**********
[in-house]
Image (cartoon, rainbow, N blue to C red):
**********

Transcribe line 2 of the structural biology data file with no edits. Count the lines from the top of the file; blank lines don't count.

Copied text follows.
Image (cartoon, rainbow, N blue to C red):